Regular Friday meetings disseminated information to the team insuring open communication among the key participants. The blood management program and changes to protocols were discussed with these key team members including surgeons, operating room nurses, ICU nurses, cardiologists, anesthesia, and perfusion. “It was one of the most significant communications enhancements that was made; it permitted changes to be implemented smoothly and effectively,” said Charles Yarnall, national clinical specialist with SpecialtyCare and a key member of the perfusion team at Abington.
“What we have done is implement best practices in blood management, but these are not common practices,” Dr. Morris said. “They require teamwork and every member of the team to work a bit harder. Perfusionists, anesthesiologists, and first assistants need to be actively working to prevent the need for transfusion.”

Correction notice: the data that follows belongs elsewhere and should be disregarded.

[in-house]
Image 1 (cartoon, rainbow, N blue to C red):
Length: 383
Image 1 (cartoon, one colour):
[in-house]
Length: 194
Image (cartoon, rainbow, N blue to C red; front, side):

The results of the work at Abington are notable from both a quality of care and financial perspective, one of many smaller victories in the effort to improve the delivery of healthcare in the age of reform.
Comparing the first nine months of 2010 with the same period in 2012:
- The average rate of transfusion decreased by 22%
- Average amount of red blood cells transfused per case decreased by .98 units
- There was an average per-case reduction of $3,500 cost for blood and blood component use; annualized savings of $1.05 million
- The average post-operative length of hospital stay decreased by .61 days
Furthermore, the relationships between red blood cell (RBC) units and patient outcome variables were examined.
The findings showed that as fewer RBC units were transfused:
- Hours on the ventilator decreased
- Incidence of acute kidney injury decreased
- Post-operative length of stay decreased
Moreover, the usage of platelets and plasma also decreased.